The Feast of Dedication took on a deeper meaning Sunday for those who gathered for Beth El Congregation’s Hanukkah Festival at the Shaw Jewish Community Center.
The festival highlighted significant parts of the Hanukkah story with the dedication of the cornerstone of the congregation’s new chapel and the lighting of the congregation’s Menorah for the first time in its newly refurbished sanctuary.
“This is like a miracle for us. A year ago, we never thought we would be at this place. We were fortunate enough to sell our building to a school that is now using it to educate young people and we are here, ready to build our new chapel and find new ways to collaborate with the JCC,” said Rabbi Stephen Grundfast, after the dedication of the chapel's cornerstone, which is made of Ohio sandstone. The chapel, endowed by the Victor Gross family, will be built using the same stone, which is quarried in Ohio.
Beth El moved from its west Akron location on South Hawkins Avenue in July (after selling its building to Summit Academy) and moved to the Jewish Community Center, where the congregation plans to build a new chapel and family gathering space. The construction project, which is expected to be completed in eight months, is the second phase of the congregation’s million dollar plan for its new home at 750 White Pond Drive.
The first phase included the remodeling of space in the community center’s conference room and auditorium for worship space. The refurbished sanctuary was completed in September, just days before the congregation gathered for the Jewish New Year (Rosh Hashanah).
“Our theme for the year is ‘A Year of Blessings’ because we are so grateful that we could sell our building to a wonderful school. We are grateful for the leaders in the Jewish community who have been so supportive in our move. We are grateful for the people at the community center who have welcomed us into our new home and we’re grateful for the hundreds of people who have shown up to support us and donated to make this project happen,” said Bonnie Cohen, who organized an art project on Sunday that allowed participants to create handmade clay tiles for the synagogue’s Wall of Blessings.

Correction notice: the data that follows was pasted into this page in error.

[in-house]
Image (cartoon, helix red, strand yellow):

The Wall of Blessings honors everyone who made a donation to Beth El’s building project. The 4-foot-by-10-foot mosaic, designed by Cohen (an award-winning Judaic artist) will include the tiles and recycled glass.
It will be located at the synagogue’s entryway.
A second art project gave the more than 100 people who gathered for the festival an opportunity to create tiles for the synagogue's family gathering area.
Elia Meltzer, 12, worked diligently to decorate a tile with clouds and water.
“When I looked at some of the sample tiles, I was inspired by the water. I decided to make some clouds and create a scene of sunrise and sunset,” said Elia, of Akron. “It's exciting to know that this tile will tie me to the new synagogue building.”
In addition to the art projects, festival-goers wrote and decorated personal blessings to take home and give as gifts for the remaining nights of the holiday.
When the art projects were finished, participants were treated to dinner — an eight-foot sub sandwich in the shape of a Menorah and latkes (potato pancakes fried in oil), a traditional Jewish food served during Hanukkah.
Hanukkah, which means dedication, began at sundown Saturday and is observed for eight nights. It commemorates the religious and military triumphs of ancient Jewish heroes. By lighting candles for eight nights, beginning every year on the 25th of Kislev, Jews celebrate the rededication of the Holy Temple and the miracle of a small amount of the oil lasting for eight days.
Although it is a minor holiday in the Jewish year, its proximity to Christmas draws greater attention to it.
The holiday includes a tradition of gift-giving, blessings, games and festive foods cooked in oil.
The annual public lighting of a giant “Canorah” — a menorah made from canned foods — is at 6:30 p.m. today in front of Dillard's at Summit Mall. The public celebration is a project of Chabad of Akron-Canton and Anshe Sfard Synagogue.
The canned goods will be donated to the Akron-Canton Regional Foodbank.
Colette Jenkins can be reached at 330-996-3731 or firstname.lastname@example.org